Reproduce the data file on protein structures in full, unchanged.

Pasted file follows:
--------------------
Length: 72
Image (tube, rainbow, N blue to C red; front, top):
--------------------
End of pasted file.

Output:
Length: 72
Image (tube, rainbow, N blue to C red; front, top):